# Wavelet signal analysis approach for multi-mode, noisy signal

I have a signal that I am trying to analyze via Matlab's CWT functions. The signal has two distinct oscillating components and I would like to extract the decay factor from each of them. Here is what the raw time-domain data looks like:

and the CWT using Morse wavelet (which gave me the best frequency resolution):

I then used other software (Igor Pro with plug-ins) to take cuts of the two prominent frequency ridges (Below, time is on the x axis). For the high-frequency one, I was able to fit to a decaying exponential:

which looks fine and dandy to me. But doing the same procedure on the low frequency ridge, it looks like this: .

My question is: since the HF data fits well to an exponential, and I've tested this same procedure with known frequencies and decay rates, why does the low-frequency CWT amplitude v. time look the way that it does? Given the raw data, the low-frequency oscillaltion amplitude looks like it starts out large and maybe decays linearly (on this time range), so shouldn't the cut reflect that better. Could this artifact be a result of the CWT process compared to FFT?

• This case is obvious but it helps write better answers to include data (e.g. Google Drive, Dropbox, ufile.io) Commented Jun 4, 2023 at 18:44
• Labeling also needs work. Matlab's cwt isn't linearly spaced, and linear spacing is awful for CWT. The time axes sometimes go below zero, sometimes not. This should either be fixed or clarified in the question. Also the LF decays linearly over an even longer duration than HF, so the question could be a bit more precise. I won't be answering without data, but maybe someone else will. Commented Jun 5, 2023 at 9:47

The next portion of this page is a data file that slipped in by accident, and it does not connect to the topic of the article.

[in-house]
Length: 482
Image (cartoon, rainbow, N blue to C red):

Looking at all of the four figures you provided, I think your CWT analysis result looks OK and reasonable. As shown in the second figure, near the left end, a narrow vertical bright beam there indicates a low frequency (LF) tone decays slowly. This is well consistent with the last figure, and with the waveform shown in the first figure, since the LF tone shown in the first figure indeed decays much slower than the high frequency (HF) tone, such that after the $$time\ index > 400$$ the LF tone is still quite strong, while the HF tone already almost disappears at all after the $$time\ index > 250$$. The last figure shows that the LF tone already starts to decay, but with a slower rate. If you have data for a longer time interval, you may see more further decay (of course, depending on whether the LF tone does really decay continuously).